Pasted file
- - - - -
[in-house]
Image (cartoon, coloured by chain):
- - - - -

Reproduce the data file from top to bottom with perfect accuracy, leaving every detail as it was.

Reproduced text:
[in-house]
Image (cartoon, coloured by chain):